We conclude that the three areas where robotic surgery can be targeted for cost efficiency are cost and maintenance of the robot as well as improving the training of surgeons [2]. If robotic surgery were to yield better quality of life after discharge from hospital, this can have an impact on cost per quality of life. While this may be of little importance to direct hospital costs, it is highly relevant to society as a whole. A patient who returns to work sooner adds to the cost effectiveness of his or her mode of surgery. Health economic modelling needs to take this into consideration for future studies into this growing area of surgery.


The main obstacle to wider adoption of robotic surgery is cost. If the initial cost of the robot, maintenance and instruments were reduced, the da Vinci system could prove to be as cost effective as laparoscopic surgery [40]. The da Vinci system may also have a shorter learning curve which saves money in terms of training and may reduce complications. Moreover, the patent on the da Vinci system is due to expire in a few years and there are plans to produce alternative technologies in future [41]. These have the advantages of being less bulky with improved precision and access. They are expected to provide value for money as there will be competition which may act to drive down prices. Further savings can be made as the price of instruments for robots reduces or if the frequency of their replacement is reduced. This is, however, only an assumption based on wider economic theories of competition in the free market, rather than specific evidence and thus is merely speculative.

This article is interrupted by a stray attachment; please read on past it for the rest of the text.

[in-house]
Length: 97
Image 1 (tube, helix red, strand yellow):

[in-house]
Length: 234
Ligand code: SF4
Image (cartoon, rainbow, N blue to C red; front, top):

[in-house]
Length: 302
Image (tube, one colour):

Although the quality scoring of the articles included in this review is within appropriate limits, there is a paucity of well conducted randomized trials. Of the material that exists, only a few papers provide an itemized breakdown of the costs involved in each of the types of surgical approaches. None of the studies provided long term follow-up and thus it was difficult to assess thoroughly postoperative outcomes.


The increasing cost of robotic surgery is associated with the initial purchase of the robot, its annual maintenance and cost of disposable equipment. The cost of robotic surgery in urology can be minimized by addressing issues such as capital costs, maintenance and the learning curve. Robotic procedures have better short term outcomes in terms of complications and hospital stay. Ever growing demands for robotic surgery should be accompanied with studies looking at the actual cost of the procedures as a whole which includes the patient journey within the hospital. Long term outcomes are needed to establish the effectiveness of robotic surgery in urology.


Prokar Dasgupta acknowledges financial support from the Department of Health via the National Institute for Health Research (NIHR) comprehensive Biomedical Research Centre award to Guy's & St Thomas' NHS Foundation Trust in partnership with King's College London and King's College Hospital NHS Foundation Trust. He also acknowledges the support of the MRC Centre for Transplantation, London Deanery and Olympus.


None declared.